David Cameron believed the Brexit referendum he called would never happen because the Lib Dems would block it, EU chief Donald Tusk has claimed.
In an interview for a BBC documentary to be aired next Monday, Tusk said the then-prime minister told him the Conservative Party would not win the 2015 election outright, so would again need to rely on Nick Clegg to form a government.
The president of the European Council told the ‘Inside Europe: 10 Years Of Turmoil’ programme:
“I asked David Cameron, ‘Why did you decide on this referendum, this – it’s so dangerous, so even stupid, you know,’ and, he told me – and I was really amazed and even shocked – that the only reason was his own party, [He told me] he felt really safe, because he thought at the same time that there’s no risk of a referendum, because, his coalition partner, the Liberals, would block this idea of a referendum.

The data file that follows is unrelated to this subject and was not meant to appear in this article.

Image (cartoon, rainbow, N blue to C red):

“But then, surprisingly, he won and there was no coalition partner.
“So paradoxically David Cameron became the real victim of his own victory.”
Cameron last week insisted he did not regret calling the referendum – despite it leading to his resignation.
“I do not regret calling the referendum,” he said. “It was a promise I made two years before the 2015 general election, it was included in a manifesto, it was legislated for in parliament.”
However the former PM said he “deeply” regretted that the public chose to vote for Brexit.
“I was leading the campaign to stay in the European Union and obviously I regret the difficulties and problems we have been having in trying to implement the result of that referendum,” he said.